THE wreck of a £100million jet which crashed on take-off from a Royal Navy aircraft carrier has been dredged up from the seabed.
It came as a crewman onboard HMS Queen Elizabeth was arrested on suspicion of leaking sensational footage of the crash.
The F-35 Lightning plunged into mile-deep water in the eastern Mediterranean sparking a major international search mission last month.
Top brass feared the jet’s secret stealth technology could fall into Russian hands after it ditched on take-off three weeks ago from the Navy's flagship aircraft carrier.
Footage from a surveillance camera showed the pilot ejecting safely as the plane reached the end of the runway.
He was so close to the vessel that his parachute snagged on the side of the ship.
“Operations to recover the UK F-35 in the Mediterranean Sea have successfully concluded,” the MoD confirmed last night.
The US Navy scrambled a specialist deep salvage ship from its 6th Fleet HQ in Rota, Spain, to lead the search and recovery mission.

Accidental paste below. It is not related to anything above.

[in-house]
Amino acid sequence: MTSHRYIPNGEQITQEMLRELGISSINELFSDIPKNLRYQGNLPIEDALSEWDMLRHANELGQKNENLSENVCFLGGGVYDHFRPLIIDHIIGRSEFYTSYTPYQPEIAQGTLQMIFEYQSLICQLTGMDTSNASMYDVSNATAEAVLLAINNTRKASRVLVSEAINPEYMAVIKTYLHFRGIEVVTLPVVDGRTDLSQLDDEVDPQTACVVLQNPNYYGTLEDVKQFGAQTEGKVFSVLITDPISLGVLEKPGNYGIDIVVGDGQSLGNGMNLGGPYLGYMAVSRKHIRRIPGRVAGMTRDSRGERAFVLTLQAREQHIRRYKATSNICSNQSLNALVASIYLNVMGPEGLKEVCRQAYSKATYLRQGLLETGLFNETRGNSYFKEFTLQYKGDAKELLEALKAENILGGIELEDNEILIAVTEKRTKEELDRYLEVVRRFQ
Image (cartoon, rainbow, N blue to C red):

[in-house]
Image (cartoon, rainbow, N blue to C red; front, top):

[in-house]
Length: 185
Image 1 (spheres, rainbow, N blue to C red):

It took two weeks to locate the wreck and another week to bring it up, a defence source said.
The Italian Navy had also helped the salvage mission which was hampered by rough seas.
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The male crew member arrested this week was flown off the ship to a base in the UK, the UK Defence Journal reported.
Officials insisted all the wreckage had been recovered and “there is no danger or compromise to sensitive equipment on the aircraft”.
The Sun revealed the crash was caused by a cheap plastic rain cover that was sucked into the engine on take-off.
The pilot had to rip out of his harness and was recovered from the water by a Merlin search and rescue chopper.
The 65,000 tonne aircraft carrier, which was sailing forward at the time, ploughed straight over the crash site seconds after the plane went under.
The crash left the RAF with just 23 F-35s in its fleet.
The UK has pledged to buy 138 but commanders expect the real figure to be half that because of cuts.
The wreckage was recovered to a chartered salvage ship.
It will sail to an unnamed allied port before it is flown back to the UK by the RAF.
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